Cutting the fat, every other day


Last year sometime, I happened to be watching the NBC Nightly News and was suckered in by a teaser for some sort of ‘eat every other day’ diet. The segment detailed what the report claimed to be a new phenomenon of people losing healthy amounts of weight by eating whatever they wanted one day and having one 400-500 calorie meal the next day. My brain was screaming bullshit, but I decided not to let it go.

I found myself seeking out the research this diet was built on and came across Dr. Krista Varady’s “Every Other Day Diet Book”. Other than some reassurances that this would work and some ideas for 400-500 calories meal recipes, the basics of this diet were quite clear and an instruction manual was not really needed.

I decided to give it a shot. I had put on some pounds since being diagnosed with an autoimmune disease a few years back and wanted to see if I could really hack it. I figured I would give it one week. If I felt like absolute shit, I would stop. I ended up doing three months on the diet once then took a few month break and did four more months. Since there really wasn’t any place on the net to go to get a lot of feedback on how the process worked, I figured I would jot a few of my experiences down here.

The Beginning

The first few days the first time I tried this were not that difficult. The book suggested to suck down tea on the fast days to help with the hunger. Since I do that already, it was no big deal. At the end of the first few fast days, I felt exhausted though. I could tell something was going on with my body and the intense deep sleeps of the first few weeks reflected that. When I woke up after a fast day, I still felt tired and wanted to get breakfast into me as soon as possible. Those first few breakfasts were larger than normal and energy levels did not start to return to normal until an hour or two after the meal was consumed. After that I ate pretty much as normal throughout the rest of the day and didn’t worry too much about what garbage I was wolfing down (at least not initially). You’d think you’d go absolutely hog wild on feast days, but outside of breakfasts in the beginning that was not the case.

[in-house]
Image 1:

In the second week, I started noticing a pleasant surge of energy on the fast days. You’d get up and be ready to go, sometimes arising earlier than usual. Overall the feeling of the fast day was one of pleasantness. The body felt at ease and a lot of other things started to fall in line. The autoimmune disease had created a great deal of limits on flexibility, but soon I noticed less problems with stiffness. There was also more mental clarity, enhanced libido, lower blood pressure, cleaner poops and decrease of indigestion.

As for weight loss, I think it comes off pretty quick in the beginning (1 to 3 pounds in a week). Keeping track of it daily is a huge help too.

What to eat